LAS VEGAS – Authorities in the U.S. are seeking the arrest of the chief executive of a Las Vegas investment company and two of his former Asia-based executives on an indictment alleging they headed a $1.5 billion Ponzi-style fraud scheme, officials announced Wednesday.
Edwin Fujinaga of Las Vegas, and Junzo Suzuki and Paul Suzuki, both of Tokyo, were each indicted on eight counts of mail fraud and nine counts of wire fraud in a scheme that prosecutors and the FBI said operated through Las Vegas-based MRI International Inc.
Thousands of unsuspecting Japanese investors were victimized, Assistant U.S. Attorney General Leslie Caldwell said.
Fujinaga, 68, also is charged with three counts of money laundering, and the indictment filed in U.S. District Court in Las Vegas seeks from the three defendants the forfeiture of the proceeds of their alleged crimes. They could face decades in prison if they are convicted.
Attorneys listed in federal court records as having represented Fujinaga; Junzo Suzuki, 66; and his son, Paul Suzuki, 36, in other cases didn't immediately respond to telephone and email messages seeking comment.
The indictment was announced by Caldwell and two top federal law officials in Nevada, U.S. Attorney Daniel Bogden and FBI Special Agent in Charge Laura Bucheit in Las Vegas.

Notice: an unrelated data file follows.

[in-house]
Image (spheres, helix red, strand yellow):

It identifies Fujinaga as former president and chief executive of MRI, Junzo Suzuki as the firm's Asia Pacific executive vice president and Paul Suzuki as general manager for Japan operations.
Bogden said they told thousands of overseas victims that their investments would be safely held and managed by an independent, third-party escrow agent in Nevada.
Meanwhile, Fujinaga and the Suzukis are accused of using investors' funds to pay for gambling, travel by private jet and other personal expenses.
The scheme operated for at least four years before it was exposed in April 2013, according to the charging document.
Investments were primarily sold through the company service center in Tokyo, promising high returns and low risk through a technique dubbed "factoring." The company promised high returns buying accounts receivable from medical providers at a discount, then attempting to recover more than the discounted amount from the debtor.
The government alleges the Ponzi scheme defrauded victims by using money from new enrollees to pay early-stage investors and persuade others to take part.
The largest Ponzi-style fraud in U.S. history, involving New York financier Bernard Madoff, bilked investors of an estimated $20 billion. Madoff was convicted in 2009 and sentenced to 150 years in prison.